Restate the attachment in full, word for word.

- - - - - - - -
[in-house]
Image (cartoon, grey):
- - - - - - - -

[in-house]
Image (cartoon, grey):